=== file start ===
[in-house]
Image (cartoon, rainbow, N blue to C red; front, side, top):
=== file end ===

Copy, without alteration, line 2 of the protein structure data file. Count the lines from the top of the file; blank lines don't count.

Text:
Image (cartoon, rainbow, N blue to C red; front, side, top):